This article originally appeared in the Santa Barbara Independent online on June 8, 2008. To see the PDF of the article, click here.
Consulting with Parents on Options
By Kevin Bourke
Sunday, June 8, 2008
Kevin, my widowed mother is aging and I’m starting to worry about what kind of care she will need and who will pay for it. What can I do to prepare?
Vicki from Ann Arbor, MI
This is being asked millions of times every day as the American population ages.
Questions abound: Who will care for my parents? Should I care for them myself? They tell me they want to remain in their own home, is that possible? How much will it cost and who will pay for it?
In interviewing experts in senior care, I noticed that communication, interdependence, and the challenge of hiring competent help seem to be the primary concerns.
First, communication. Do you know what your mother’s wishes are when it comes to care? What are her values and preferences? How does she want her physical needs addressed?
Suzanne McNeely, Founder of Senior Planning Services, a Santa Barbara-based company, helps adult children understand what their aging parents are thinking. “Seniors, primarily those around age 80 and above, are concerned with their legacy. They are asking themselves what meaning their lives had and how they will be remembered.” And this developmental process requires that they feel in control of their lives.
Adult children can more effectively assist their parents if they acknowledge what their parents say. “While seniors may seem stubborn, it is really just a manifestation of their need for control,” Suzanne adds. “If their adult children can listen carefully, they will be in a much better position to negotiate a situation that satisfies everyone’s needs.”
AARP reports that over 85% of people aged 65 and over want to remain in their homes. So no one should be surprised when their parent, no matter how advanced their age, states their firm desire to remain in their own home. The adult child may feel that this is at best a mistake, and potentially a disaster. But the manner in which they discuss this can make all the difference.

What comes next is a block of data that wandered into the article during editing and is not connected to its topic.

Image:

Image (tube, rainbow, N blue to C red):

Perhaps the adult child can respond by saying something like: “Let’s figure out what it would take for you to stay home and be safe. We want to avoid medical problems or an accident that might cause you to need to be hospitalized.”
It will likely take multiple conversations before the senior and the adult child reach a mutually acceptable resolution.
Next, let’s address the concept of interdependence. Complete independence means that an older person lives on their own, does their own cleaning, shopping, cooking, and so forth. But it may not be necessary for a senior to be completely alone to have a satisfying measure of independence.
Steve Barlam of LivHome, an at-home senior care company, says that seniors can “depend on someone in one arena, and be independent in other arenas. Interdependence means that some of the normal duties an older person would manage are delegated to others, giving the senior more freedom and time for themselves.”
Being interdependent may allow them to maintain a greater degree of control and freedom as it may reduce the possibility of them having a debilitating accident. Having someone to assist them may ultimately lead to a better quality of life.
In a future issue, Vicki, we’ll discuss the idea of who to hire to assist the senior, how to obtain the senior’s cooperation, and how to pay for help.